The Supreme Court has done well to restrain States from appointing Directors-General of Police without consulting the Union Public Service Commission. On occasions that have become far too often, States resort to questionable methods to get their choice to the important post, such as first making a person an ‘acting DGP’ and then regularising his service after he retires, so that he gets the laid down fixed two-year tenure.
This sleight of hand violates the spirit of the procedure for appointing the State’s top police officer. Interestingly both the Union Government and the petitioner in the case appeared to be on the same page when arguing the case in the apex court on Tuesday. The Centre lamented that States were misusing the fixed tenure rule while one of the petitioners said that States were doing so have their “own man” in place.
The Parkash Singh judgement of 2006 had directed State regimes to select DGPs based on their seniority and merit and give them a minimum tenure of two years. Now the apex court, after seeing how the rules have been used by States to benefit their favourites, has said that proposals for such appointments must first be referred to the UPSC three months before an incumbent’s retirement and that the UPSC would prepare a panel of names as per the Parkash Singh verdict, bearing in mind the fact that the selected name must have two years to go before he retires. The court also made it clear that the Centre’s and the States’ rule that ran counter to its order will remain in abeyance.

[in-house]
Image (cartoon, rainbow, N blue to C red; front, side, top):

The present intervention by the apex court became necessary after it was found that the States were in contravention of several of the seven directives the Parkash Singh judgement had laid down. In a larger context, it must be pointed out that police reforms have been talked of for decades but have not really taken off. Over these decades, both the Centre and the States have shown laxity and lack of enthusiasm over the various suggestions offered by panels that had been entrusted with making suggestions. Apparently, the political class does not want to lose its grip on the institution of the police. The problem is that this has led to interferences by the political class in police matters, not just in the matter of appointments but also in enforcing law and order. One hopes that the new order of the apex court will to a considerable extent improve matters.